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Emerg Med Australas. 2016 Dec;28(6):629-640. doi: 10.1111/1742-6723.12624. Epub 2016 Jul 26.

Review article: Effectiveness of ultra-brief interventions in the emergency department to reduce alcohol consumption: A systematic review.

Author information

1
School of Clinical Sciences at Monash Health, Monash University, Melbourne, Victoria, Australia.
2
Emergency Department, St Vincent's Hospital, Melbourne, Victoria, Australia.
3
Emergency Practice Innovation Centre, St Vincent's Hospital, Melbourne, Victoria, Australia.
4
Melbourne School of Population and Global Health, The University of Melbourne, Melbourne, Victoria, Australia.
5
Emergency Medicine, University of Western Australia, Perth, Western Australia, Australia.
6
Monash Medical Centre Emergency Department, Monash Health, Melbourne, Victoria, Australia.

Abstract

To assess the effectiveness of ultra-brief interventions (ultra-BI) or technology-involved preventive measures in the ED to reduce alcohol harm and risky drinking. Medline, Embase, PsycINFO, CINAHL and EBM reviews were searched for articles published between 1996 and 2015. Randomised controlled trials and quasi-randomised trials, which compared an ultra-BI with screening, standard care or minimal intervention for adults and adolescents at risk for alcohol-related harm presenting to an ED, were included. Outcomes of interest were frequency of alcohol consumption, quantity of alcohol consumed, binge drinking and ED representation. Thirteen studies (nine single centre and four multicentre) were included. Six studies showed a significant reduction in the quantity consumed with intermediate effect size at 3 months (d = -0.40) and small effect size at 12 months (d = -0.15). Two studies showed a significant reduction in binge drinking with small effect size at 3 months (d = -0.12) and 12 months (d = -0.09). No studies showed an effect on frequency of alcohol consumption or ED representation. Heterogeneity in study design, definition of risky, harmful or hazardous alcohol use, intervention types, outcomes, outcome timeframes and outcome measures prevented the performance of quantitative meta-analysis. Despite its limited effectiveness in reducing alcohol use in the short-term, with the large number of people attending EDs with risky drinking, the use of an effective ultra-BI would have the potential to have a measurable population effect.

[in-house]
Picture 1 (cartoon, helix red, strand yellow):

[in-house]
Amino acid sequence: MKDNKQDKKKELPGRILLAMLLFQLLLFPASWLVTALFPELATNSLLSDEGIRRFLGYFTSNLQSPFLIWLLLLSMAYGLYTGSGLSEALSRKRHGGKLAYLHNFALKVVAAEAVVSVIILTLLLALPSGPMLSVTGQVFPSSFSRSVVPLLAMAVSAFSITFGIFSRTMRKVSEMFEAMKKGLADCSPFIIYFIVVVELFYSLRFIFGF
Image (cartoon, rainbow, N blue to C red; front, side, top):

KEYWORDS:

alcohol harm; brief intervention; emergency department; systematic review

PMID:
27459669
DOI:
10.1111/1742-6723.12624
[Indexed for MEDLINE]

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